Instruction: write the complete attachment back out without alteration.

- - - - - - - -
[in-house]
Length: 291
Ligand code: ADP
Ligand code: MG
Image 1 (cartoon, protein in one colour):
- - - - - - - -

[in-house]
Length: 291
Ligand code: ADP
Ligand code: MG
Image 1 (cartoon, protein in one colour):